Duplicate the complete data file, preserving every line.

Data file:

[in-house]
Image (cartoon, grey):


[in-house]
Image (cartoon, grey):